Earlier this year, I wrote about renter’s insurance and why I felt it was important for renter’s to buy a policy and protect themselves and their assets against various risks.
I’ve received a lot of feedback on that article and decided a follow-up would be helpful. I turned to Ed Charlebois, Vice President or Personal Insurance at Travelers, and asked him why renters don’t seem to purchase rental insurance policies more frequently.
Charlebois said there are several common misperceptions about rental property that are generally confusing to renters.
“Renters think their landlord is responsible for their belongings if there was a fire or other damage to the building. In most circumstances, the landlord’s property insurance is not going to protect the tenant,” he explained. “And, renters think that they don’t have that much to insure. But think about replacing every stitch of clothing, all of your furniture, books, electronic equipment and you’ll quickly realize that renters insurance is an important investment.”
Charlebois said it is important that renters understand the value insurance can bring to their long-term finances should something go wrong.
“We’re always trying to educate consumers on ways insurance can help protect [a renter’s] finances and once renters understand the amount of coverage they can get for the price, it makes sense,” he added.
Charlebois said that renters don’t often think about the reasons they might file a claim. The top five reasons renters file claims on their renter’s insurance policy include (in order of popularity) “on premise” theft, “off premise” theft (including things like personal items stolen from a car or hotel room), water damage, wind damage and fire damage.
Renters insurance also typically includes a liability clause, which protects you from the financial expense of repairing damage to others’ property, losses due to events like cooking fire or water damage claims from plumbing fixtures overflowing (like sinks or bathtubs), accidental personal injury to others (physical, like a slip and fall, not libel or slander), and dog bites.
According to Charlebois, renter’s insurance policies typically include these five coverages:
- Credit Card & Check Forgery – provides coverage for losses from credit card and check forgery;
- Additional Living Expenses – includes coverage for reasonable necessary additional living expenses (hotel, meals, laundry, etc.) if damage to the building prevents a renter from living in the unit;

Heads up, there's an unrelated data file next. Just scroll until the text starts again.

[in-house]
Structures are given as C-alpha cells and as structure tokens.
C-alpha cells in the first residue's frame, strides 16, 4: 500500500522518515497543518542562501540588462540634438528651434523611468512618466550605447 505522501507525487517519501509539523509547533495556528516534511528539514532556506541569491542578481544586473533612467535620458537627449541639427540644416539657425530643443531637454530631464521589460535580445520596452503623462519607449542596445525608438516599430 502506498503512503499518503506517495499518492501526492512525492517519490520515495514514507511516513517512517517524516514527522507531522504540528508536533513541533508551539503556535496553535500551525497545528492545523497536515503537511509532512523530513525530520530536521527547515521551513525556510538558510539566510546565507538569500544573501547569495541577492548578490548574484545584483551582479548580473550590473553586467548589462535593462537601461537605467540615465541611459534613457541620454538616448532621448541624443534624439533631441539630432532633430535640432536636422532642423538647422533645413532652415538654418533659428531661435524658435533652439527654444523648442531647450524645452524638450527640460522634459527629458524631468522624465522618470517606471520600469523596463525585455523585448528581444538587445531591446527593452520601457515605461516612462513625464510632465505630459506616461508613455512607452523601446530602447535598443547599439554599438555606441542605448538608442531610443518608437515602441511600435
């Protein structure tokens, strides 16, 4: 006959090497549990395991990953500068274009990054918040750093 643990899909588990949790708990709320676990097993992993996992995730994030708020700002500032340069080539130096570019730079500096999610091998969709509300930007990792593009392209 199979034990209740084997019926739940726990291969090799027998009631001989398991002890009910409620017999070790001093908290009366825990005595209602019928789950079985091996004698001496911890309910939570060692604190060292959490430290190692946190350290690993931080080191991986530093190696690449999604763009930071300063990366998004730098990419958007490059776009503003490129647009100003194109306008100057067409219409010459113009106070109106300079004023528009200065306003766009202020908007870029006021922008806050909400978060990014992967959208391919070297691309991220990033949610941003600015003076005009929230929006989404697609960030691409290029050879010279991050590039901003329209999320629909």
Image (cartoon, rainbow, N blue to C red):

- Personal Liability Protection – provides financial protection against liability claims and lawsuits brought by others for accidental bodily injury or property damage;
- Fire Legal Liability – protects the renter if they are held legally responsible for accidentally caused fire damage to the building in which they live; and
- Improvements – applies a percentage of the contents coverage to repair or replace improvements made by the renter to the rental unit that has been damaged.
The premiums might be as low as $125, but Charlebois says that the average premium is in the $200 range. But talk to your insurance agent for specific details of coverage and cost, and be sure to shop around.
Another question renters ask is if insurance companies are pulling credit histories and scores to price insurance.
Charlebois said that where it is permitted by state law, Travelers is using a credit-based insurance score to price insurance policies.
“Research has shown that consumers with better insurance scores generally file fewer claims and have lower loss severity. In fact, over 90 percent of insurance companies use insurance scores, according to a study by Conning Research and Consulting Inc., a Hartford, Conn.-based research firm,” he added.
When it comes to buying renters insurance, you have to ask yourself if you have enough cash to replace every item you own if it was all destroyed, or to cover an unforeseen situation where you’re being held liable.
Most of us don’t have ready access to that kind of cash, which is why you should consider insurance for renters (and homeowners) as a part of your financial plan.
“It can be the safety net that can keep someone afloat in an unexpected, unfortunate situation,” Charlebois said.
Check out an insurance agent’s point of view on the Equifax Personal Finance Blog. I write the real estate blogs for the site, but we have experts covering tax, retirement, credit and insurance. This week Equifax Personal Finance Blogger Linda Rey wrote about renters insurance policies and what they entail. Read here: why you should be talking to your insurance agent about renter’s insurance today.
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